By Justin Adams (@JustinCMAdams) is Global Managing Director for Lands at The Nature Conservancy. See his latest thinking at

Protect. Transform. Inspire. The Nature Conservancy is uniquely positioned to be a leader in taking on the most complex challenges facing the planet. Our place-based projects in over 40 countries serve as living laboratories where new ideas to protect nature are tested, perfected and adapted for other places. We engage businesses, governments and communities in delivering these on-the-ground results – demonstrating how conservation innovations can transform how our food, water and energy are produced. And by empowering more leaders and communities all over the world with solutions that work, we will inspire action at the scale of the challenge.
  • Gifford Pinchot

    Don’t misuse the term “forestry” by interchanging it with the logging or lumber industry. The term “forestry” is synonomous with “sustainable forest management “. “Forestry is the science and craft of creating, managing, using, conserving, and repairing forests and associated resources to meet desired goals, needs, and values for human benefit. Forestry is practiced in plantations and natural stands.” – Wikipedia

  • Bob Perschel

    Calculating the carbon effects in the forest of different approaches to forest management is complex enough and it is encouraging to hear the progress TNC is making. However, we need to add even more complexity to the equation. Carbon retained in the forest is only one variable in a longer equation of how forest practices effect climate change. We need to look at albedo and PVOCs to name two variables in a long list. And then we need to consider the climate effect of what the wood is eventually used for. Using solid wood or engineered wood in construction to replace steel and concrete provides a climate mitigation effect on par with our best strategies. Forest management can leave less carbon in the forest and still have a better climate effect depending on where the wood goes. We better check it out. The New England Forestry Foundation’s Build it With Wood program http://www.builditwithwood is prepared to dig into these aligned variables and bring some new numbers to the table.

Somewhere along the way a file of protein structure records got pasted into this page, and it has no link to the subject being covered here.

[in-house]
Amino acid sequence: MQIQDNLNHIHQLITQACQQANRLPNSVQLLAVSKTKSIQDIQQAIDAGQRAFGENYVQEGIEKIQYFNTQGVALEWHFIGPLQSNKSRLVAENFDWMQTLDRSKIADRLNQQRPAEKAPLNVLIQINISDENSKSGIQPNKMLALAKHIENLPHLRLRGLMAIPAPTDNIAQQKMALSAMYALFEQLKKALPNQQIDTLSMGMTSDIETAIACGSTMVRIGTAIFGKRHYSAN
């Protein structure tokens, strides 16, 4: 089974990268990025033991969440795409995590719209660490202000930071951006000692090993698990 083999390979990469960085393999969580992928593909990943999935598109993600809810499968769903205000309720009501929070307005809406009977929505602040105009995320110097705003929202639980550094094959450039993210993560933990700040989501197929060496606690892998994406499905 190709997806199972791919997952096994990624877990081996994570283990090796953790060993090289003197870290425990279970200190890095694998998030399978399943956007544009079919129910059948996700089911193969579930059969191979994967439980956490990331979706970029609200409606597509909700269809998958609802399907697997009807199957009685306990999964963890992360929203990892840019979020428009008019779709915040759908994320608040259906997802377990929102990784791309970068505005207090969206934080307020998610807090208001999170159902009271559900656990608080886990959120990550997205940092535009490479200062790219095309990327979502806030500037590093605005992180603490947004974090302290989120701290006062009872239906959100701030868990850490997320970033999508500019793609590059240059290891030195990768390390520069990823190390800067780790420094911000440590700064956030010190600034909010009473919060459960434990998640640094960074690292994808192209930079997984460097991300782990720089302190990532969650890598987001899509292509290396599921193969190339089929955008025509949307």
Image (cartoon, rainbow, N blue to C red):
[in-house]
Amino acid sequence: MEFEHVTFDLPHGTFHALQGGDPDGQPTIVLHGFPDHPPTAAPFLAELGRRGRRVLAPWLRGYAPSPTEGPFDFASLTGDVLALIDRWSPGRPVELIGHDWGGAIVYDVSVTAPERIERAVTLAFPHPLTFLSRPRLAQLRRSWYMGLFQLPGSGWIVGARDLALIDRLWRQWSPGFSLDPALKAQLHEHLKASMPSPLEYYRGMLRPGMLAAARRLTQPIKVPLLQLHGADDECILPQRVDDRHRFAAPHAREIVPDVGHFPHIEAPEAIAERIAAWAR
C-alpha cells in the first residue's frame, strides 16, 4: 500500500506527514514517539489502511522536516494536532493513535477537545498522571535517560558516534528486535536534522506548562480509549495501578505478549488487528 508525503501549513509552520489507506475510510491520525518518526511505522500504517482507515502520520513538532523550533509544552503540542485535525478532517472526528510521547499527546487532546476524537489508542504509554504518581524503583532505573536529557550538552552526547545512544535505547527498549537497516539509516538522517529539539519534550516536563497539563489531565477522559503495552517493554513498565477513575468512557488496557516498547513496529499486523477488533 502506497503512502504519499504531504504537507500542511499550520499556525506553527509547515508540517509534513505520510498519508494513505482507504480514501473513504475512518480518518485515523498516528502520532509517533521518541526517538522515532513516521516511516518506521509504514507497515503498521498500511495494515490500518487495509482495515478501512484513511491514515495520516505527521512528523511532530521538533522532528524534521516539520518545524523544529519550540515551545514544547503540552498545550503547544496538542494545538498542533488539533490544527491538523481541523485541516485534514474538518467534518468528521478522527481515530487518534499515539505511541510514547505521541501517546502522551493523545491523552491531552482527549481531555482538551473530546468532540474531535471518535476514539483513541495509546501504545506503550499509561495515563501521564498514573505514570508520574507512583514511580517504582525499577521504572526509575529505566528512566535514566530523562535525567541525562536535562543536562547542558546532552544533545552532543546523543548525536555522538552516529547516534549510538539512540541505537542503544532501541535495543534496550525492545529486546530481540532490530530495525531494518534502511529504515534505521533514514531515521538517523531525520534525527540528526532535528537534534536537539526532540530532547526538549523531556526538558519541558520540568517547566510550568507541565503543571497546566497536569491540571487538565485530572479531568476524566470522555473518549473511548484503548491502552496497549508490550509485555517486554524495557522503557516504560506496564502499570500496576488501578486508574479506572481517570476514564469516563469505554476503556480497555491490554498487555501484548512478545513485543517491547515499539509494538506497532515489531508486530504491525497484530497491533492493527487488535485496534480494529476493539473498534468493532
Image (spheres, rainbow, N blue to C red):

• Joel

    “It is high time that we begin to value the crucial role our forests play in delivering a suite of environmental services, from cleaning up the air and storing more carbon to enhancing water security and protecting biodiversity in addition to the economic value of logs produced and jobs created.”

    You seem to be forgetting the vast areas of forest that we do value for these non-economic benefits, which are set aside in parks and protected from logging. You also seem to ignore the many areas within our working forests that are protected, such as riparian zones, or anywhere that endangered species are detected or around significant cultural and archaeological sites, etc. Please don’t pretend that as a society, we only value the economic values of forests. That is simply untrue.

  • Carsten W. Glaeser

    Trees are Good. As an urbanite amid the urban forest of the City of New York one can not help realizing the grand benefits and services that large trees directly provide to all those that pass beneath them. Yet, while deforestation seems to be understood as a human phenomenon occurring in some distant hinterland, a denuding of the urban forest is occurring here as well, one tree at a time little noticed by the millions that are walking around it. City officials that turn a blind eye to the allowed anthropogenic impacts like construction, diminishes the trees ability to provide the very long term services for which they were planted decades earlier. Celebrating the urban forests such as by The International Day of Forests is one way to grab the attention of elected officials who might wish to make a difference.